If an owner is fussy about how their vehicle is secured down and won’t let the haulier secure it how they’d prefer, and then the load moves, will the haulier’s insurance still pay out or will the insurance be declared void because it wasn’t secured ‘properly’:                                                        

First thing is to ensure you know the conditions of carriage. If you sign a contract of carriage under RHA conditions, this only provides a cover of about £1300/tonne, so make sure that you get an All Risks/Full Responsibility cover for the value of the engine. The haulier is the expert and is responsible for his load. If the load is not secured correctly, that is the haulier’s responsibility, that’s what you are paying him for.

Bob thanked Martin for his presentation which will no doubt raise further questions.

David Smith gave a presentation on technical matters. David explained what is going on in the background, what our issues are, what we need to promote, and the liaisons that we have with other similar, like-minded organisations. He explained who the team and officers are; Ian Cooper, Insurance Officer, Colin Melvyn-Harris, V765 Officer and John Durling FBHVC Liaison Officer, plus Nick Bosworth and Naomi Cornish, who help with the development and more technical aspects of the website.

David gave his own update on the three insurance brokers, Walker Midgley, One Broker and James Campbell.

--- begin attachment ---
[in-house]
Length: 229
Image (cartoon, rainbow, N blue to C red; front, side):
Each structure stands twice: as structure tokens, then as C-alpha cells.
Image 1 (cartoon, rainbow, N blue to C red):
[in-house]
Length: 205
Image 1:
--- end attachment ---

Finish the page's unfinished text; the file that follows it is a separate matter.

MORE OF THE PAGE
He explained the situation regarding Clean Air Zones [more of which can be found in his TSU Report in Steaming].

The features of the new Online Membership System were then explained. It is simple to use, is cloud based and can be accessed 24/7 on any device that has an internet connection. Members are encouraged to create their own login account so that they can take ownership of their own data, and update it when necessary. There is also a new addition of family memberships.

Concluding, David got his crystal ball out and summarised his thoughts on the future.

  1. The Environment – Everyone’s problem. Traction engines are not major polluters, but what the eye sees, the heart grieves about.
  2. The Objective of the NTET: Preserving our heritage with steam on the road; but frankly, it is not that simple.
  3. The Role of the NTET: Many facets, a blend of fun and the seriousness, but not all of them are agreeable to everyone, all of the time.
  4. Potential for Failure: We are a voluntary, charitable organisation; the challenges are increasing for us, but the tangible support is reducing.

Charlie Cribbes then gave a presentation on “Towing and the Law”

Trailers up to 3,500kg Maximum Authorised Weight (Mass)
Driving Licences awarded before January 1st 1997: